Some people don’t mind needles, and others absolutely detest them. But to replace needles with needle-free injections, we have to understand how high-speed microjets pass through skin. Given skin’s opacity, that’s tough, so researchers are instead using droplets as a model. If we can understand the dynamics of a microjet passing through different kinds of droplets, getting jets of medicine into arms becomes easier.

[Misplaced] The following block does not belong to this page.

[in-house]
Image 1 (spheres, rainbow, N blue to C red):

Researchers found that jets passed completely through a droplet if they impacted above a critical velocity. For Newtonian droplets, the jet creates a cavity and shoots straight through because the inertia of the impact outweighs the countering force of surface tension. But with viscoelastic drops, the jet goes through, slows down, and gets sucked back into the droplet. In this case, the combination of surface tension and viscoelasticity can, eventually, overpower the jet’s inertia. (Image, research, and submission credit: M. Quetzeri-Santiago et al.)